We made the leap. We packed our stuff and drove west. Destination Vancouver Island. The ocean has been calling my name for years. And I’ve been ignoring her call for too long. I have a good excuse though. For the longest time I have been seduced by another lover: the Rocky Mountains.
On Halloween morning we finally hit the road. We drove out in the rain, fighting a continuous spray on the winshield and battling the fatigue caused by weeks of purging, selling and packing. It rained in Revelstoke as it always does when we drive through and it only stopped when the ferry generously swallowed us up as the last car of the sailing. Above us a gray blanket covered the coastline, like a warm comforter that you pull up to your nose during the dark days of winter. It was a typical winter welcome to the coast, a return to mild coastal weather and a reminder of the first 28 years of my life in native Holland.
Ever since the plans to move to Victoria were set, I have been looking at the mountains differently. You start to appreciate them more when you know you will part ways with your beloved friends. You realize that every time you look them in the eyes might be the last day of your intense romance. You enjoy the short 5-minute drive to visit a friend in your tiny mountain town. You cherish the quiet coffee shop with familiar faces just a little more during that last week. And you admire the fact that during the last 15 years, true wilderness only started 2 minutes from your doorway.
For a guy who has only lived in relatively small towns, it will take some getting used to a city environment: the traffic, the unknown faces, and my own unfamiliar face among the crowds. The people and the infrastructure currently feel unfamiliar, yet the wind, water and rain immediately made me feel at home. I tasted the salt air this week and took an extra couple of deep breaths to make room for something new. We climbed over slippery logs washed up on the shore. We watched as a seal casually played with a school of fish. We stood small under towering cedars and we got stuck in traffic on multiple occasions. It is slowly sinking in that this strange and yet familiar place is our new home.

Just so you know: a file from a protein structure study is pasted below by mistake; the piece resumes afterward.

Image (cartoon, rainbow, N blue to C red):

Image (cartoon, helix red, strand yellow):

With my photography in the Rocky Mountains coming to an end (at least for now), it felt right to complete one final artistic project. I have been making mosaics for customers through my Etsy site for a while now and always intended to make one large final piece that reflects Canmore and my photography. You can see the result here in this blog. I took 800 close-up nature photos that I captured in the last five years and used them to make a large colourful mosaic. The background image that the mosaic represents is as Canmore as it gets: The Three Sisters, Canmore landmark and our view for the last 15 years. The individual photos represent many small pieces of nature that, together, build the larger ecosystem. To me personally the piece also represent hours and hours of enjoyment, sometimes hard work and wonderful memories in nature.
I intend to print the image on large format and hang it in our living room to keep a close connection to the place we’ve called home for so long. They say “home is where the heart is”. While the ocean might steal me away, part of this heart will always remain in the mountains.
To visit my Etsy site with mosaics, click here
For Three Sisters lovers, the mosaic is for sale as a print. Just contact me to inquire about sizes and pricing.